Some people think Netflix is closed to advertisers. They’re not.
The third season of House of Cards was released a couple days ago, so you’d think that the article I am linking today is strictly buzz-worthy, but no.
Advertising Age published an extensive article on how Anheuser-Busch InBev placed its products in the series (and they’ve done it since the first season).
It covers everything, from how it started, how they manage it, how they know the fit is right. And get this, something always interesting to read, a mathematical formula they use to calculate the value of product placement.
They even tell how much they paid to get their products there: nothing.
Before I send you off to read the article, one thing you need to remember: this article is about product placement, not branded content. Nonetheless, it tells the entire story on how a top global brand tackles these types of projects.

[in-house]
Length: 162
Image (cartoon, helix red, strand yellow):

As a simplistic cheat sheet, here is how you can categorize types of brand integrations:
- Sponsorship: production is completed; only possibility is to have logos and brand appear “around” the content.
- Product placement: very close to the end of the production process. Script is final, brands can only evaluate if the fit is right with their values and the product’s use, as per the script, suits them.
- Branded content: brand and production team get together before the final scripting process (the sooner the better) and complete the scripts hand in hand, tying storytelling to the brand’s values and business objectives. This is where the brand has the most say.
Today’s article is a little longer than usual, but it is a great business case in product placement.